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Martyrs' tombs inspire Vietnamese Catholics to live faith

6:51 PM, October 29, 2018

Vietnam:Those who died for their faith are the example for others to live by Christian values.

Mary Nguyen Thi Minh, a member of a local secular society, offers incense in front of the Tomb of Martyrs in Vietnam's Thua Thien Hue province.

Minh expresses her deep gratitude to the martyrs for helping her bear witness to the Catholic faith in difficult times.

"They give me strength and courage to overcome widespread discrimination against Catholics for years in schools," said the former teacher who taught maths, physics and chemistry at a high school from 1977 to 1982.

Minh said school officials intentionally held courses on political education and public work on Sundays so as to force her to give up attending Masses.

"I consistently went to church on Sundays even though they cut off my annual leave and allowance," the 60 year old said. "Finally they sacked me after five years of failing to stop my faith practice."

Father Francis Xavier Ho Van Uyen, pastor of Nuoc Ngot parish, told pilgrims on Oct. 13 that the tomb contains the remains of the late Father Joseph Tong Van Vinh and 43 lay Catholics who were killed on Dec. 8, 1883, by soldiers during Catholic persecution.

Father Vinh, former pastor of the parish, and his laity decided to stay in the leaf-made church after they heard soldiers would attack them.

Father Uyen said his predecessor heard people's confessions before his decapitation. His body was thrown down a well. The laity were burned alive in the church after it was set alight by the soldiers. Their remains were buried at a local cemetery.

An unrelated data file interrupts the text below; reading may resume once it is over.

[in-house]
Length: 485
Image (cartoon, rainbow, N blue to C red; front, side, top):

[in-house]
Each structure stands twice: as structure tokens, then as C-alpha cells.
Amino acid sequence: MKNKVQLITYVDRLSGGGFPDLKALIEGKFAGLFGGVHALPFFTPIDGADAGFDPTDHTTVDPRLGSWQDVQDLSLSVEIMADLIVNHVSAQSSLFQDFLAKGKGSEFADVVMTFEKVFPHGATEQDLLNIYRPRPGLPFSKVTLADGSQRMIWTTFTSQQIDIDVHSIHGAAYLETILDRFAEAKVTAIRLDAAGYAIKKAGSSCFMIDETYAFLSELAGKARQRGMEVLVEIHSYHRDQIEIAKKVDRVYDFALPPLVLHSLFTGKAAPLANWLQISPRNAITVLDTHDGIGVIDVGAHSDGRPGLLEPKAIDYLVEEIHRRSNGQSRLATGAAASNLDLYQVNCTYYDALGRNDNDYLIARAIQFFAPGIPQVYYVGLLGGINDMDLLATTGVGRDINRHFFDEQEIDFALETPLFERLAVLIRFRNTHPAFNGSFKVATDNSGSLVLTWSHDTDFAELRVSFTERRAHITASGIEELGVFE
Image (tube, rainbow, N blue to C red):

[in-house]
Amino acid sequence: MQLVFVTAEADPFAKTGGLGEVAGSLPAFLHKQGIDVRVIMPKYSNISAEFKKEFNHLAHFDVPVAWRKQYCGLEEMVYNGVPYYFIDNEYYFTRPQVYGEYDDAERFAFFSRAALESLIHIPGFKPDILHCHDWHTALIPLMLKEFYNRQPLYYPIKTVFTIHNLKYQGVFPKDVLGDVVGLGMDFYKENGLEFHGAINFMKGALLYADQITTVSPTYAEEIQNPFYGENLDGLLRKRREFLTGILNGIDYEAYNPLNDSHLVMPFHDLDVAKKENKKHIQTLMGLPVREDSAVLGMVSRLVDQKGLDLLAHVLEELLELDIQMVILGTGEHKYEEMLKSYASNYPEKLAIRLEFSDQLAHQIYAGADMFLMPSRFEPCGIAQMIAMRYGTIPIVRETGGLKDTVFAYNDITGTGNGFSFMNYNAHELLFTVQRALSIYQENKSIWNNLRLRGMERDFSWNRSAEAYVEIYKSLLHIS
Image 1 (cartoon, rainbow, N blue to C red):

He said the martyrs' remains were re-interred in the old church grounds with an area of 2,000 square meters in 1913. Local Catholics erected a headstone showing pictures of the martyrs on the tomb in 2000.

The 145-square-meter tomb was restored last June to mark the 30th anniversary of the canonization of 117 Vietnamese martyrs.

The current Nuoc Ngot Church based in Thua Thien Hue province's Phu Loc district was built in 1925 and is 600 meters away from the tomb. The parish, established in 1742, serves 2,678 Catholics.

Paul Nguyen Van Dai, who was addicted to gambling on football and abandoned faith practices for years, said he gave up his bad habits thanks to the martyrs' intercession.

The father of three said that while he was on the way to have his motorbike pawned on June 19, he stopped in front of a martyrs' relics procession at Phu Cam Cathedral and was urged to change his life.

"I have already gone to confession, apologized to my wife and children, and been forgiven," the 47 year old said after offering incense in front of the Tomb of Martyrs on Oct. 13.

Nguyen Thi Cao, a non-Catholic who lives near the tomb, said she offers incense in front of the tomb on a monthly basis to pray for her family members' peace.

"We are not Catholics but our prayers are always answered. So we trust them [the martyrs]," Cao, 75, said adding that non-Catholics call the tomb mieu cac ngai or the temple of gods.

Father Uyen said local Catholics also follow martyrs' examples to bear witness to Christian values in society today. He said they should speak out against violence, social injustice and defend the voiceless.

The Tomb of Martyrs is declared as one of six places of pilgrimage during a jubilee year marking the 30th anniversary of the canonization of Vietnamese martyrs in Hue Archdiocese. Over 10,000 pilgrims have visited the tomb twice a month.

The archdiocese, which is home to 40 tombs of martyrs and six other historical sites relating to martyrs, records 12 priests and some 10,000 Catholics killed for their faith, and 12 of them were canonized.

Source: UCAN

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